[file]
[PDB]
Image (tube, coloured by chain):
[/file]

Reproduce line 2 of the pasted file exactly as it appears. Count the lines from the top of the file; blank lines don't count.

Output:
Image (tube, coloured by chain):